Industrial advertising in 1986

In 1986, one year into my career as a B2B copywriter, I worked for Anderson & Lembke in Helsinki, Finland. A&L was in those days one of the foremost, if not the foremost, industrial advertising agencies in Finland, an offshoot of the original Stockholm, Sweden, based agency.

One of my clients was Safematic, a manufacturer of industrial sealing and lubrication equipment and condition monitoring systems for the pulp and paper industry.

Safematic was at that time starting its expansion to international markets and needed a lot of marketing materials from brochures to trade paper ads. In a triumph of long copy, the ads often discussed the product’s benefits to the extent of filling a whole inside spread, like my example today.

The concept of the ad was simple: by automating the lubrication and condition monitoring, a paper mill could save a lot of money because all the lubrication points, bearings and other wear parts needed no human monitoring and it was possible to do preventive maintenance as the system watched for any anomalies round the clock. To illustrate the benefits of automation, the left-hand page showed three 3D drawings of a paper machine. Red dots indicated where human intervention was needed in two less sophisticated setups versus Safematic’s automated system. Hence the “less red” part of the headline.

The ad was awarded an honorary mention in the annual Best of the Year competition by Grafia, the Association of Professional Graphic Designers in Finland that year.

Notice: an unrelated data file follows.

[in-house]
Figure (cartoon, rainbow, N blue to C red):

In 2006, Safematic was acquired by the Swedish SKF who kept the condition monitoring operations and later sold the remaining parts to the British technology company John Crane. Safematic is now one of their brands.

You can see the whole ad in Grafia’s 1986 Yearbook.

#b2b#copywriting#vintage ads

Comments

  1. Dave Conley - August 22, 2014 @ 20:07

    This warms my heart, Kimmo. It looks just like the spare, wry industrial advertising that the Anderson & Lembke office produced in the U.S. in the late 1980s. Definitely a case of strong bloodlines. You can tell an A&L ad from miles (or even decades away).

    DAVE
    A&Lumnus, 1991-1997

    • Kimmo Linkama - August 24, 2014 @ 22:35

      Thanks for your comment, Dave! Yes, I suppose that was the style adopted by every A&L agency, no matter where it was located. Sadly, it appears the link at the bottom of the post has now become inactive, and I couldn’t find the archive anywhere on Grafia’s website, so you’ll unfortunately have to make do with the miniature image in the post itself. Nice to meet a fellow A&Lumnus!

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